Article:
Mar 20, 2020 - Economy & Business

Biden calls on CEOs to refrain from stock buybacks amid coronavirus bailouts

Photo: Mandel Ngan/AFP via Getty Images

Joe Biden called on CEOs on Friday to make a commitment against stock buybacks, as the country deals with the coronavirus pandemic.

Why it matters: The demand comes as an increasing number of industries have called for economic relief from the effects of the pandemic. Companies in many of those industries have come under fire for using extra funds from tax relief to repurchase their own shares in recent years.

  • President Trump told reporters Thursday he would be okay with banning companies from buybacks as a condition for federal relief.
"I am calling on every CEO in America to publicly commit now to not buying back their company's stock over the course of the next year. As workers face the physical and economic consequences of the coronavirus, our corporate leaders cannot cede responsibility for their employees."
— Former Vice President Joe Biden on Twitter

Go deeper ... Stock buyback binge: 2019 is setting a record pace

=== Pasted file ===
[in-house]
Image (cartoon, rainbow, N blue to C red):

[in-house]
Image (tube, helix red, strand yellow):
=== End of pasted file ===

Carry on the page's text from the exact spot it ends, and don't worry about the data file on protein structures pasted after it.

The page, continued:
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Big Pharma is on a stock buyback spree

Data: Company filings; Chart: Axios Visuals

In 2018, the year the Republican tax law went into full effect, 12 of the largest pharmaceutical companies spent more money buying back their stock than they spent on drug research and development.

The big picture: When billions of dollars became available to the biggest drug companies, their main priority was to juice earnings, along with the paydays of their executives and investors — not investments in new treatments or relief for patients who can't afford their drugs.

Go deeperArrowMar 5, 2020 - Health

Companies hunker down for worst-case economic scenario

Illustration: Aïda Amer/Axios

What a difference a month makes.

Then: The nation's largest companies were on top of the world — buying back stock, watching their share prices flirt with all-time highs and hiring in droves.

Now: Corporate America is prepping for what could be a very lengthy and severe recession.

Debate night: Sanders and Biden go head-to-head

Photo: MANDEL NGAN/AFP via Getty Images.

Sunday's Democratic debate was the primary season's first one-on-one match, with former Vice President Joe Biden taking on Sen. Bernie Sanders on the coronavirus, the "political revolution," women's health, climate, the rise of authoritarianism around the world and minority voter support.

Why it matters: It could be the last primary debate of the 2020 election. Biden is significantly leading in delegates and poised to do well in upcoming nominating contests. He's also adopted more progressive policies from Sanders and former 2020 contender Sen. Elizabeth Warren to draw in their supporters.

Go deeperArrowUpdated Mar 16, 2020 - Politics & Policy